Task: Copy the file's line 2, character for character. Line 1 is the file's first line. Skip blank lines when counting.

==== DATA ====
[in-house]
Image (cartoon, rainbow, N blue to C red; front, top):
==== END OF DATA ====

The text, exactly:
Image (cartoon, rainbow, N blue to C red; front, top):